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Africa should lead in climate change war

Thursday, November 10th, 2022 04:00 | By
President William Ruto and UK Prime Minister Rishi Sunak held a talk on Climate change on the sidelines of the COP27 summit in Sharm El-Sheikh, Egypt on November 7, 2022. PHOTO/Twitter.
President William Ruto and UK Prime Minister Rishi Sunak held a talk on Climate change on the sidelines of the COP27 summit in Sharm El-Sheikh, Egypt on November 7, 2022. PHOTO/Twitter.

International climate change conferences — such as the ongoing United Nations climate meeting in Egypt — are heavy investments, and as such, participants have no choice but to come up with solid action plans, not just fair words and hot air.

Nothing is more important for the African continent than leaders fully participating in such events and making their positions felt and their presence to count for something.

This year’s meeting has been termed the Africa COP, not because it is being hosted in the continent, but because it is among the most impacted by effects of changing weather patterns despite being the least contributor to the causes.

Africa accounts for the smallest share of global greenhouse gas emissions, at just 3.8 per cent, compared to 23 per cent by China, 19 per cent by the US, and 13 per cent by the European Union.  This is why it is important to see Africa being prioritised during negotiations.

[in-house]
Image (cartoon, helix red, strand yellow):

Over a decade ago, governments around the globe made a pledge to allocate $100 billion (Sh121.1 billion) annually by 2020 to help developing countries, such as Kenya, address the climate change emrgency, but the commitments have gone unfulfilled.

Even if rich countries were meeting their commitments, that wouldn’t be nearly enough. Africa alone faces a climate-financing gap of about $108 billion each year, according to the African Development Bank, amid growing economic shocks from the coronavirus pandemic and the Russia-Ukraine war. Developed nations should step up further.

The meeting early last month by African government representatives in Kinshasa to prepare for the COP summit should have come up with concrete measures to mitigate the effects of climate change and speak in one voice as they seek enough climate finances.

This is, however, not to say that African countries should not lag behind in budgetary allocations to climate change adaptation and mitigation measures. They should action their commitment instead of over-relying on funds from the West.

In fact, the continent should start looking at itself as the ultimate source of solutions to the crisis, for instance, deploying the potential of hydro, wind, geothermal and solar energy and the recently discovered green hydrogen, which could be a game changer for the planet.

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